Najib faces dozens of other charges related to the alleged theft of $US4.5 billion ($6.3 billion) from 1MDB. The stink and sheer scale of the scandal helped sweep him from power in May 2018. The election result was a historic defeat for his United Malaysia National Organisation party and a victory for veteran leader Mahathir Mohamad’s Pakatan Harapan coalition.

After the election, Malaysian authorities moved quickly to stop Najib and his wife Rosmah Mansor from leaving the country and seized cash and valuables in a series of spectacular raids. Evidence gathered helped prosecutors take action resulting in five separate trials against the former prime minister.

The finding will boost the popularity of Mr Muhyiddin as prime minister because he has managed to prove justice was blind under his rule.

Awang Azman Awang Pawi, University of Malaya

But even as Najib and Ms Mansor – who has been charged with manipulating an electricity tender for personal gain and money laundering – and their representatives made dozens of court appearances, the winning coalition’s fragile unity started to fray.

The main fault line was the undertaking between two long-term political rivals – Dr Mahathir and Anwar Ibrahim – in which Dr Mahathir agreed to hand over power two years after the election. As the months went by, Dr Mahathir started to drift away from the undertaking, while his supporters noted there was no written document to support the agreement.


In February this year the Pakatan Harapan coalition that Dr Mahathir had led to victory collapsed. After a week of scheming, as the various political groupings tried to sign up sufficient numbers of MPs to convince King Sultan Abdullah they could form government, Dr Mahathir’s former ally, Muhyiddin Yassin, joined forces with UMNO to get over the line in a deal that effectively put UMNO back in power in a political alliance with various other parties.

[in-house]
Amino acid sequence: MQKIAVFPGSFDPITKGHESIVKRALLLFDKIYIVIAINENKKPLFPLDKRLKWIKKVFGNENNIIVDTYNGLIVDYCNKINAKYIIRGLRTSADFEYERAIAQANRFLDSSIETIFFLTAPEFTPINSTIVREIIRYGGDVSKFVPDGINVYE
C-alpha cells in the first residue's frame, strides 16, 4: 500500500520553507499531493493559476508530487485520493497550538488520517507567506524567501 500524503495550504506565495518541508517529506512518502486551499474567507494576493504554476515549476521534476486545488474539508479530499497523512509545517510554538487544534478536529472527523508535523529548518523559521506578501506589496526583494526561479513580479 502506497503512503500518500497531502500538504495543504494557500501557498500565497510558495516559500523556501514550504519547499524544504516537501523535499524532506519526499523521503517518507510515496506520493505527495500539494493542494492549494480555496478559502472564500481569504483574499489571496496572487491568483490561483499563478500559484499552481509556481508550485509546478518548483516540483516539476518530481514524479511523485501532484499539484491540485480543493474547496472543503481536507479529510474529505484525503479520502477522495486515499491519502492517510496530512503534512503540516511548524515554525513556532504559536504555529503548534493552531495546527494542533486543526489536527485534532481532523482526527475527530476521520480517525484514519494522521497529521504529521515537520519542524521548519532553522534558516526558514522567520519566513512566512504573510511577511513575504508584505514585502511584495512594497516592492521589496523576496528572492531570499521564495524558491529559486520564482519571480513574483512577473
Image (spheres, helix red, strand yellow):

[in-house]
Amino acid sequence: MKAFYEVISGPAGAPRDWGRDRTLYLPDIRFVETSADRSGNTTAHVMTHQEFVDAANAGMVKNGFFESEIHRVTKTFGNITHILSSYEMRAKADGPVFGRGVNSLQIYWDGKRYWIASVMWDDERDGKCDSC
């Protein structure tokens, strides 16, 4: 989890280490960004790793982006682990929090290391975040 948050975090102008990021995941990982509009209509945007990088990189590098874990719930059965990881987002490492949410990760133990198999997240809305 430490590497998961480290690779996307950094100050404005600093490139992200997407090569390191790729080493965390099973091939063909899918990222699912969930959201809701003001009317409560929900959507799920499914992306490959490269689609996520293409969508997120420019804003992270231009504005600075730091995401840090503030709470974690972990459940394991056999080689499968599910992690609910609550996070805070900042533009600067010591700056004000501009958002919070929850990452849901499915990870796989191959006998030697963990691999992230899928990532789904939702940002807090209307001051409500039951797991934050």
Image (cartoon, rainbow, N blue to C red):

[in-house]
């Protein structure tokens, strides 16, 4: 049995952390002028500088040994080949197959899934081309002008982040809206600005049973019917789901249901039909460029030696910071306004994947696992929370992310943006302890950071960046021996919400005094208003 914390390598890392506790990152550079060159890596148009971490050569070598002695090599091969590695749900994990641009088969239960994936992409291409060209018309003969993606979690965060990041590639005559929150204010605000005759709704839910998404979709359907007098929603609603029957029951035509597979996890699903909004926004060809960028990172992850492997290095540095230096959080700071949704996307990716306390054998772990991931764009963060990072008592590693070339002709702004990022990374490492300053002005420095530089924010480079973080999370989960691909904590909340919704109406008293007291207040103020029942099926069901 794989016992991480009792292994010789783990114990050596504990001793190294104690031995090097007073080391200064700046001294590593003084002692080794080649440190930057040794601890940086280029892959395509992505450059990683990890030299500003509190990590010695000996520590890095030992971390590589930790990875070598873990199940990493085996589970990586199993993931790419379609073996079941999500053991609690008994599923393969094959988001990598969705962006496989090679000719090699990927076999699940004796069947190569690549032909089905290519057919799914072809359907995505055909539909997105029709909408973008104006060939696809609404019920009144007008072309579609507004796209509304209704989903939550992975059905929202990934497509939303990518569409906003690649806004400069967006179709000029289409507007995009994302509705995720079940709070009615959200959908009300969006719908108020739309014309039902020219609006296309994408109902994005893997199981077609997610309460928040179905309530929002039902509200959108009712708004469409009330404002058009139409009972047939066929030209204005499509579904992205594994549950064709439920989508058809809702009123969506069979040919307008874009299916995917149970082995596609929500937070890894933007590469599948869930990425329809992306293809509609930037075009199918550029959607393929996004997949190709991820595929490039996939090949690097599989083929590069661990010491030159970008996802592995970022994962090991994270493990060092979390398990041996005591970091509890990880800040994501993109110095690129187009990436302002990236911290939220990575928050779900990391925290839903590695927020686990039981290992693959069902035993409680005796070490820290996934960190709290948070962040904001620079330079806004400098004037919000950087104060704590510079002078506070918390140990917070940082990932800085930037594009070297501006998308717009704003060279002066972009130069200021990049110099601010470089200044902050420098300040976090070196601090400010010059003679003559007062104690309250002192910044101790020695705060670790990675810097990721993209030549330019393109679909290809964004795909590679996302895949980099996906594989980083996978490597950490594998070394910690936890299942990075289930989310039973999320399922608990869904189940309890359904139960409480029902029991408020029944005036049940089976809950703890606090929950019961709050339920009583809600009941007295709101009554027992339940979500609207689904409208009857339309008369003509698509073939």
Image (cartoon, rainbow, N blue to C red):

UMNO’s president and deputy president were with Najib at Kuala Lumpur’s High Court on Tuesday.

The verdict drew a predictably mixed reaction. Najib’s vocal supporters were downcast, while MPs who had campaigned for his prosecution were jubilant.

Awang Azman Awang Pawi from the University of Malaya noted the verdict would aid the current ruling alliance, but was also unlikely to damage Najib’s considerable support and influence among conservative Malays.

“The finding will boost the popularity of Mr Muhyiddin as prime minister because he has managed to prove justice was blind under his rule. But if the Muafakat Nasional [UMNO and the Pan-Malaysian Islamic Party] wins the next election, then UMNO will appoint the prime minister from within UMNO,” Mr Awang said.

Since his fall from power, 95-year-old Dr Mahathir’s various plans to topple Mr Muhyiddin have failed, but he continues to weigh in. As the court prepared to deliver his verdict, Dr Mahathir castigated the government for the settlement reached with Goldman Sachs last week for the investment bank’s role in helping to raise funds for 1MDB.

Dr Mahathir tweeted: “The total amount that should be due is $US6.9 billion. What Goldman Sachs has agreed to pay is $US2.5 billion. That is very much less than they should pay.”

[sg_popup id=1]